In the past few weeks, since the onset of COVID-19 (coronavirus), the new buzz words are “social distancing” and “self-isolation.”
Social distancing means not shaking hands or giving hugs, avoiding crowds (of more than 10 people), standing several feet (the recommendation is 6) from other people and staying home if you are sick.
People exhibiting symptoms of coronavirus or have come in contact with someone who has been diagnosed, are asked to self-isolate or stay at home and avoid contact with anyone. And, call your doctor or the hospital before you go in so they can take precautions.
Why is this important? A person’s individual risk may be low, but social distancing could keep a person at high risk from getting the virus. The country is trying to avoid a surge of people needing to be hospitalized at the same time. Coronavirus is a threat to the community, not necessarily to the individual. Our health officials want us to take precautions now, so the situation here doesn’t become dire in a few weeks.
Each day this week, the numbers have increased by about 39%, which mirrors what has happened around the country. Late Wednesday, the number of positive cases was 64 and was 119 by Thursday afternoon.
Families all across the country are learning to homeschool, as schools have closed to keep coronavirus from spreading.
It’s a challenge as parents and caregivers are trying on new “hats.” Veteran homeschool educator, Gretchen Griffin, who homeschools her three boys, Jude, 12, Asher, 10 and Amos, 7, encourages parents to work collaboratively with their children to come up with a plan for the homeschool day and let them have some input.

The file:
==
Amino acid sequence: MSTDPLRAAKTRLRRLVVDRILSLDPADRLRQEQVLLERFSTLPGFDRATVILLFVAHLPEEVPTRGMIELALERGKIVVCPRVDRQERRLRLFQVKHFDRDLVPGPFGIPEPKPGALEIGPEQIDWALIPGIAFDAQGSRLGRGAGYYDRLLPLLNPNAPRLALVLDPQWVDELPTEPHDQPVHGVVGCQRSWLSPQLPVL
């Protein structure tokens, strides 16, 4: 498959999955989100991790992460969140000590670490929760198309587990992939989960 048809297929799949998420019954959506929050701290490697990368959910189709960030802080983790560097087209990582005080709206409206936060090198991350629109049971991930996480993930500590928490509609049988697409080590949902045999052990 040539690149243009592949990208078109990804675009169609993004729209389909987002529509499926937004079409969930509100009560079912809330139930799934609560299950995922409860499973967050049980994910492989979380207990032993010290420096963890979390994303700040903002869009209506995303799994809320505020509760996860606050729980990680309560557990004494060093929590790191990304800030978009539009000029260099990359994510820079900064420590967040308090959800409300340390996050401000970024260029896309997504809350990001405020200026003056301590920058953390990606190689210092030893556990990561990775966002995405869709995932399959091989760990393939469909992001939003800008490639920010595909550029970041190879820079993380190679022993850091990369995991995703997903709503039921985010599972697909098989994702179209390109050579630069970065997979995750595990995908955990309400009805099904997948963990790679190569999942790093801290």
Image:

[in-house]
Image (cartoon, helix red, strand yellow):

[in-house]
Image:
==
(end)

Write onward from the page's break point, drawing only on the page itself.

“You don’t have to recreate the classroom at home,” she says, “Give them the freedom that school at home can afford you—read outside or in a tree or on the couch; spread out your lessons on the floor instead of a table; work at the time of day that fits you and your child. Maybe you play outside all morning and buckle down to school in the afternoon or after dinner. You’ll be surprised how much your child can accomplish in a short, focused time period. Then give them the rest of the day to be in the yard, or to be creative in their free time.”
She also recommended “starting the day with something delightful that you all enjoy, a card game, a read-aloud book or drawing time. It sets the tone for the day. Everyone starts with some good feelings and you can get to work with a smile. Especially focus on giving attention to the youngest children first, so that their little love tanks get filled.”
Mulberry-Fairplains fifth grade teacher Belinda Marino, 2016 Wilkes County Teacher of the Year, also had good tips for parents. “Have a schedule for the kiddos,” she said, but be sure to let them have “brain breaks,” during the day.
Schedules are available online on the Khan Academy website, Marino said. (I looked it up and it’s at the top on the banner.)
Right now, Marino said, teachers have sent home packets for students to review content. Reviewing is crucial, she said, because teachers don’t want their students to have any gaps in learning. It’s also vitally important for parents to communicate with their child’s teacher. “Reach out if you need assistance,” she said, and emphasized, “teachers and parents must work together.”
Marino also emphasized the school feeding programs. Each school in the county has one, so no child goes hungry while schools are closed. Call your child’s school, Marino said, if you can’t get to the school or to one of the community meal stops. All the stops are listed on the Wilkes County Schools website.
Another great resource while schools are closed is the Wilkes County Public Library. Patrons can reserve books online by using library card numbers and drive to the library and pick them up. Library staff will come out to the car and bring the books to you.
If you don’t have a library card, you can fill out a form on the library website, and show identification when you pick up the books. Students can check out books online using their school identification number and pin number. Anyone having trouble with this service can call the library at 336-838-2818 for assistance.
Encouraging all parents, Griffin added, “You were thrown into the deep end, but just keep swimming. You got this!”